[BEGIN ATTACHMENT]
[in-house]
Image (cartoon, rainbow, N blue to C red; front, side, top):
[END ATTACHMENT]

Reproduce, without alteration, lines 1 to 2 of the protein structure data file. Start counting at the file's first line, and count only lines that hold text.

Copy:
[in-house]
Image (cartoon, rainbow, N blue to C red; front, side, top):